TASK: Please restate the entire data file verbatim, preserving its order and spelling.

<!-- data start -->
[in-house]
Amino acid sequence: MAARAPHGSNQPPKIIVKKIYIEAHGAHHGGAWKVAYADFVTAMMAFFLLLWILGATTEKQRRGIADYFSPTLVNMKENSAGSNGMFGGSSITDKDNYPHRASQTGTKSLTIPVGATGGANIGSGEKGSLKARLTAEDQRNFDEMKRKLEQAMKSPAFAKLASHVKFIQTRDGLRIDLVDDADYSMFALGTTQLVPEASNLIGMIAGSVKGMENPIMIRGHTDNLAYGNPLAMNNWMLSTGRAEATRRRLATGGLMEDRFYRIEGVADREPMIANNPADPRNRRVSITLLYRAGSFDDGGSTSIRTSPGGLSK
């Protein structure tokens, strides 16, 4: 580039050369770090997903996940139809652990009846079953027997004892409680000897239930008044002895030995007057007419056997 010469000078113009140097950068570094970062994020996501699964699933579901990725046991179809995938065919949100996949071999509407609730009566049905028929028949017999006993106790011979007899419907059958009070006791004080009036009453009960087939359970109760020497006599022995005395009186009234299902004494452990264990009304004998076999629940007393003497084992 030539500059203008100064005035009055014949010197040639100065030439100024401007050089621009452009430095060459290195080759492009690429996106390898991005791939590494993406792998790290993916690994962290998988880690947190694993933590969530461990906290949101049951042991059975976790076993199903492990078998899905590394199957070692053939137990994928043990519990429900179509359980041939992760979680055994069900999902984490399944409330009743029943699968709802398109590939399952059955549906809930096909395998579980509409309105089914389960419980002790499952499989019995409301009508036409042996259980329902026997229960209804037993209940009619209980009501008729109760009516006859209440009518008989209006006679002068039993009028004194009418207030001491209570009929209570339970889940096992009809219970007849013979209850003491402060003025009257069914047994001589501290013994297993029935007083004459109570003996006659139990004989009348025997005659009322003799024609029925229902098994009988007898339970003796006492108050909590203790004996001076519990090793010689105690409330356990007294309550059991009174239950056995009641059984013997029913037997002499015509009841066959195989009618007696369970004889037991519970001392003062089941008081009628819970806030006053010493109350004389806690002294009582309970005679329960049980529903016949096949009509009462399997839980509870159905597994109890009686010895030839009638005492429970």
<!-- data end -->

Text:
[in-house]
Amino acid sequence: MAARAPHGSNQPPKIIVKKIYIEAHGAHHGGAWKVAYADFVTAMMAFFLLLWILGATTEKQRRGIADYFSPTLVNMKENSAGSNGMFGGSSITDKDNYPHRASQTGTKSLTIPVGATGGANIGSGEKGSLKARLTAEDQRNFDEMKRKLEQAMKSPAFAKLASHVKFIQTRDGLRIDLVDDADYSMFALGTTQLVPEASNLIGMIAGSVKGMENPIMIRGHTDNLAYGNPLAMNNWMLSTGRAEATRRRLATGGLMEDRFYRIEGVADREPMIANNPADPRNRRVSITLLYRAGSFDDGGSTSIRTSPGGLSK
């Protein structure tokens, strides 16, 4: 580039050369770090997903996940139809652990009846079953027997004892409680000897239930008044002895030995007057007419056997 010469000078113009140097950068570094970062994020996501699964699933579901990725046991179809995938065919949100996949071999509407609730009566049905028929028949017999006993106790011979007899419907059958009070006791004080009036009453009960087939359970109760020497006599022995005395009186009234299902004494452990264990009304004998076999629940007393003497084992 030539500059203008100064005035009055014949010197040639100065030439100024401007050089621009452009430095060459290195080759492009690429996106390898991005791939590494993406792998790290993916690994962290998988880690947190694993933590969530461990906290949101049951042991059975976790076993199903492990078998899905590394199957070692053939137990994928043990519990429900179509359980041939992760979680055994069900999902984490399944409330009743029943699968709802398109590939399952059955549906809930096909395998579980509409309105089914389960419980002790499952499989019995409301009508036409042996259980329902026997229960209804037993209940009619209980009501008729109760009516006859209440009518008989209006006679002068039993009028004194009418207030001491209570009929209570339970889940096992009809219970007849013979209850003491402060003025009257069914047994001589501290013994297993029935007083004459109570003996006659139990004989009348025997005659009322003799024609029925229902098994009988007898339970003796006492108050909590203790004996001076519990090793010689105690409330356990007294309550059991009174239950056995009641059984013997029913037997002499015509009841066959195989009618007696369970004889037991519970001392003062089941008081009628819970806030006053010493109350004389806690002294009582309970005679329960049980529903016949096949009509009462399997839980509870159905597994109890009686010895030839009638005492429970």